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8 Compassionate Ways To Support People With Anxiety

8 Compassionate Ways To Support People With Anxiety

Dealing with anxiety can be incredibly stressful. It can be even more so when the person suffering from anxiety knows it’s affecting their relationships and friendships. As a person that cares for someone with anxiety, never forget they are going through enough already without having to deal with the extra pressure of acting as if everything’s okay for the sake of their loved ones. If someone you care about suffers from anxiety, there are many ways you can help them get through the rough times in life.

1. Be accepting

First and foremost, don’t be a fair-weather friend. If you truly care about someone, you’ll be there for them through the good times and the bad. It might be difficult for you as well, but helping a friend through their anxiety shows that you are genuine, and you’re not going to leave your friend to deal with his issues on his own. Accept their anxiety as it is: a disease of the mind. Your friend is sick, so it’s important to be there for them when they need you the most.

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2. Be educated

Understand the root causes of anxiety. It’s not something a person can simply “snap out of.” It’s a disease caused by a chemical imbalance in the person’s brain which causes physical as well as emotional distress. Don’t downplay a friend’s anxiety, thinking they can simply “get over it.” If they could, they would.

3. Don’t bring it up

Be cognizant of a friend’s anxiety, but don’t exacerbate the issue by calling attention to it. When making plans, think of activities that are fairly calm and aren’t too  stimulating; but don’t say things like “Well, I’d ask if you want to go to a concert, but I know you hate crowds.” Obviously, this will only make your friend feel as if he’s holding you back from doing something you actually want to do, and that you’re taking pity on him. Take your friend’s anxiety into consideration, but sweep it under the rug during conversation.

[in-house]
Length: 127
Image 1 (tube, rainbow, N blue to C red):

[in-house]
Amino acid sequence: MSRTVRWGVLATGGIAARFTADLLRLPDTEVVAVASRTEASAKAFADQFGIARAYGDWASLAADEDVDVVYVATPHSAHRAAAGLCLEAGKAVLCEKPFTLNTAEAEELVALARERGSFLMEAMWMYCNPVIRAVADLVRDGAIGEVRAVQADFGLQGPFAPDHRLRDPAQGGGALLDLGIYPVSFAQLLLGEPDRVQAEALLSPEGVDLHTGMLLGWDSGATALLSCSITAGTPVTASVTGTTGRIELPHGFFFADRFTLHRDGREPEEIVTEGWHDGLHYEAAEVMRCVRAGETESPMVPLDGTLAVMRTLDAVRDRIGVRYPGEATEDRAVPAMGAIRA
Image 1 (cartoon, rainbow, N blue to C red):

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4. Be active

Get your friend up and out of the house as much as possible. Hiking, playing a sport, or simply spending some time outdoors can alleviate a lot of the symptoms of anxiety that he probably feels on a minute-to-minute basis. Anxiety creeps in when the mind isn’t busy, so just “hanging out” will increase the chances of your friend having mild to severe panic attacks. Stay active, and keep his mind off of the anxious feelings that plague him during downtime.

5. Be yourself

Don’t feel like you have to be a different person around your friend. People who suffer from anxiety might be sick, but they’re not dumb. They’ll notice when you’re acting differently or walking on eggshells around them, which will only cause more anxiety for them. If a person who suffers from anxiety wants you around, it’s because you give them a sense of comfort by just being you. So be the person you always are around them. It will keep them grounded.

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6. Be resilient

At times, it can be emotionally exhausting to be there for someone suffering through anxiety. But that’s the case any time you find yourself supporting a sick friend. Do your best to help your friend, especially when they’re at their worst. They need you more than ever, and they truly appreciate everything you do for them.

7. Don’t take it personally

Your friend might need some alone time, and might be distant for a while in your relationship. That’s totally fine. If they need their space, give them space. Don’t think they’re ditching you; they probably just don’t want to drag you down with them. Make it clear to them that you’ll always be there for them when they need you, but you’ll also give them time and space when they need you to back off.

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8. Separate them from their anxiety

Your friend is not anxiety personified. In fact, their anxiety is a small part of who they are. They’re still the person you grew close to all those years ago, despite the recent changes that may have occurred within their mind. Remind them of who they are, especially during times when they truly don’t feel like themselves. The best way to help your friend through this difficult time in their life is to remind them of who they really are.